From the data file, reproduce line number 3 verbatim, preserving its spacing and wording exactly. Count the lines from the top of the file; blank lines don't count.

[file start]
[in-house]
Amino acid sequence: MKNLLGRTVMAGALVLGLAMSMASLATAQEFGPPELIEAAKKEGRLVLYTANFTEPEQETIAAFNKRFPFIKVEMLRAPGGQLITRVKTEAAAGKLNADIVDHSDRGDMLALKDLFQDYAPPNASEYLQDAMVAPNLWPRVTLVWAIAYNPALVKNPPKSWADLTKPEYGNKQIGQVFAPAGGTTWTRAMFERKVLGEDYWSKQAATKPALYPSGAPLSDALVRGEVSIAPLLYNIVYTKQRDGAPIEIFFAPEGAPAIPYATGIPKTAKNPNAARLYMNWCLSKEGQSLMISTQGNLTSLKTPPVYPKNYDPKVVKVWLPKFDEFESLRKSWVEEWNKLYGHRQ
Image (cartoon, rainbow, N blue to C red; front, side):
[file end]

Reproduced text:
Image (cartoon, rainbow, N blue to C red; front, side):